A fused forensic text comparison system using lexical features, word and character n-grams

Presented as part of the Languages and Linguistics Seminar Series.

This study investigates the degree that the performance of a likelihood ratio (LR)-based forensic text comparison (FTC) system improves by using logistic-regression fusion on LRs that were separately estimated by three different procedures, involving lexical features, word-based N-grams and character-based N-grams. This study uses predatory chatlog messages. The number of words used for modelling each group of messages is 500 words. The performance of the FTC system is assessed in terms of its validity (= accuracy) and reliability (= precision) using the log-likelihood-ratio cost (Cllr) and 95% credible intervals (CI), respectively. It is demonstrated that 1) out of the three procedures, the lexical features procedure performed best in terms of Cllr; and that 2) the fused system outperformed all three of the single procedures. The Cllr value of the fused system is better than that of the procedure with lexical features by a value of 0.14. It is also reported that the validity and reliability of a system is negatively correlated; the fused system that yielded the best result in terms of Cllr has the worst CI value.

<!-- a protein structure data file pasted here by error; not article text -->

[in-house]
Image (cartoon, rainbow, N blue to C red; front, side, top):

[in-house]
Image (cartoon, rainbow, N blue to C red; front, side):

Canberra is a Mecca of forensic voice/text comparison studies. Four talks will be given in October to highlight recent developments and progress that have been made in this area. This is a public event.